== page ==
Inside NIST’s effort to lay the groundwork for a functional quantum computer

A  quantum computer at the Leibniz Computing Center in Germany.

A quantum computer at the Leibniz Computing Center in Germany. Sven Hoppe/Getty Images

The latest quantum computer-adjacent device is part of NIST’s broader plan to help agencies move forward as they develop more emerging technology infrastructure.

Researchers affiliated with the National Institute of Standards and Technology unveiled a new device last week that aims to cut down the “noise” generated by quantum computing systems’ information processing, part of a larger agency agenda to meet private sector innovation in the quantum information science and technology field. 

The device, a programmable switch that can improve connectivity between two qubits, or quantum units of information, was initially introduced in a research paper. One of the authors, NIST physicist Ray Simmonds, told Nextgov/FCW that with these devices, NIST aims to enable future advances in quantum computing infrastructure. 

“NIST is trying to…say, ‘what do we need to do to make that technology happen?’” he said. “Right now, Google and IBM have been working on scaling something up, and they're using a technology that can work on a larger scale…but it's not going to have all the functionality you need necessarily to make a robust machine at this point. There's other things that have to get sorted.”

Making a strong switch between these qubits to help them perform calculations and other operations more accurately is one of those external components key to emerging QIST architectures. 

“What we've been doing is to try to push the envelope and say, ‘Can we make a system where all these individual elements can be turned on and off?’” he said. 

As quantum computing is still an emerging technology field — where universally operable quantum computers are an estimated decade away — experts are uncertain as to the exact system architecture it will require.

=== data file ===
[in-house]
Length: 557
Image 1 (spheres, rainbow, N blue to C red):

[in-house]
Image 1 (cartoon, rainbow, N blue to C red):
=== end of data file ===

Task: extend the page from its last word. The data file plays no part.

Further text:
Devices like NIST’s switch intend to promote a level of flexibility in operating a future quantum computer, especially as the field continues to evolve. 

“We feel like this is the kind of thing that's going to need to happen if you want to make a machine that's more flexible, and to push to the next level to make it have more connections and have more ways of of operating the device,” Simmonds said. ”We don't know exactly what is the best architecture to make a quantum machine yet.” 

The toggle tackles a fundamental element required for precise quantum computing — noise reduction between qubits — but also can turn on the measurement of both qubits simultaneously, a feature that can help reduce quantum computational errors. 

“One of NIST’s missions is to not only figure out how to measure things better but more efficiently and with higher fidelity; and making those measurements better but figuring out what are the next measurements that need to happen to enable technologies,” Simmonds said. 

He added that as technologies continue to advance, specific measurements and standards applicable to them will change. In this vein, NIST is “really trying to push the whole U.S. forward and help bring those new ideas to bear,” he said.